A molecule exists in this electronic state when its total spin angular momentum quantum number S is equal to one. The triplet state is an important intermediate of organic chemistry. In addition to the wide range of triplet molecules available through photochemical excitation techniques, numerous molecules exist in stable triplet ground states, for example, oxygen molecules. Theoretical calculations, furthermore, make predictions concerning the spin multiplicities of the ground states of many prototype organic molecules such as cyclobutadiene, trimethylene methane, and methylene, and indicate that they will be triplets. See also: Atomic structure and spectra; Reactive intermediates; Spin (quantum mechanics)
A good working definition of a triplet state for the chemist is the following: A triplet is a paramagnetic even-electron species which possesses three distinct but energetically similar electronic states as a result of the magnetic interaction of two unpaired electron spins. The several important terms of this definition allow some insight as to the essential features of a triplet. First of all, a triplet is paramagnetic, and should thus display this property in a magnetic field. This paramagnetism serves as the basis for experimental magnetic susceptibility and electron spin resonance studies of the triplet state. However, one can imagine many paramagnetic odd-electron species which are not triplets, for example, nitric oxide. Thus, the criterion that a triplet must also be an even-electron species is apparent.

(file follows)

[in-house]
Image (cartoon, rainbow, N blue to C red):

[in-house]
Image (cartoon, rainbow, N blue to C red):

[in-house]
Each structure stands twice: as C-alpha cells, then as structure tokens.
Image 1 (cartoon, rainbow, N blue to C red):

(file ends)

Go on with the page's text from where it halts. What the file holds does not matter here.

However, one can imagine paramagnetic, even-electron species which possess (1) only two distinct electronic states or (2) five or more electronic states. The former occurs when the paramagnetism results from two electrons which act as two independent odd electrons. For example, two carbon radicals separated by a long saturated chain will behave as two doublet states if there is sufficient separation to prevent spin interactions. Five or more electronic states result when four or six parallel electronic spins interact (to yield quintet and septet states, respectively). See also: Electron spin; Paramagnetism